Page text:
The current COVID-19 crisis has created a series of “new normals.” One resultant effect of the crisis is more working from home ... a trend that will likely continue for much of the rest of the year. With that trend comes more reliance on technology and more time online, for individuals, small businesses, and large corporations. With that comes an increase in hacking and cyberattacks. Three Rensselaer graduates are working together on the frontlines of that cyber battlefront. Josh O’Sullivan and Ray Mendenilla both graduated in 2001. Jessica Lawrence graduated in 2002.
Josh cofounded the Annapolis-based cybersecurity and digital transformation company Ardalyst. Ray is the senior vice president for sales and marketing. Jessica is the lead analyst. As a report from the World Economic Forum says, “It is imperative that leaders strategically manage information risks, work toward a culture of shared cyber-risk ownership across organizations, and take a strategic approach to cyber resilience.”
The three Rensselaer graduates are taking the friendship they formed in school while in the Navy ROTC program — utilizing the experience they received while serving their country in the Navy — and educating people about cyber risk, and helping companies locally and nationally to withstand the current cyber threats in the world.
JOHN SCHOFIELD, Washington, D.C.
Fascinating Games Research
This cognitive research using games is fascinating (“Level Up for Health,” spring 2020). I’ve been working with elementary school-age kids who appear to be gifted in math.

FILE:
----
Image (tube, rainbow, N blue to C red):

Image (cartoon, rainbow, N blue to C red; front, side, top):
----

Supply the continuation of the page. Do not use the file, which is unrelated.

The teacher training always says there are different ways to learn, but they often don’t suggest to teachers how to do that, especially when there are several different styles needed in the same class. I hope to see some research regarding that issue.
JEREMY SCHRAUF ’61, West Wardsboro, Vermont
I received the spring 2020 issue of Rensselaer magazine and was absolutely astounded at the depth and clarity of the various essays regarding research and science applied to the pandemic that has engulfed the world. The extensive efforts of the technology leaders at Rensselaer are without precedence in our world of recent calamity. I plan to keep this issue for reference and to share with family and neighbors with pride and joy in the efforts being extended at the Institute.
I was particularly interested in the applied science of lighting technology by Vital Vio with Delta Air Lines to develop a capability to deal with the need for bacterial cleanliness in the air transportation sector. It would be a significant tool to aid in the effort to return to the previous aura of safety and ease which we were accustomed to. Perhaps the use of multi-element emitters to project the wavelength of the spectrum utilized might be worth being investigated.
Several years ago when I established the Marilyn Goldshine Memorial Cancer Research Fund, it was with the hope that the science and engineering capability at Rensselaer, coupled with the ever-increasing evolution of research in the biomedical field, would make a significant impact on the development of tools to combat events such as that in which we are engaged. It is with pride that I see the Institute is taking a major position in this endeavor.
G.D. GOLDSHINE ’52, Crossville, Tennessee